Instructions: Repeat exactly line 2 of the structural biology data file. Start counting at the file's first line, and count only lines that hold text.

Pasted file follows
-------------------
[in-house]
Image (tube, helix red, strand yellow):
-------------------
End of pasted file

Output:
Image (tube, helix red, strand yellow):